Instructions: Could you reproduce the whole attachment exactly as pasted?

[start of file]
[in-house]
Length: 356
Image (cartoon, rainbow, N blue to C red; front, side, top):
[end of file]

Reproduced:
[in-house]
Length: 356
Image (cartoon, rainbow, N blue to C red; front, side, top):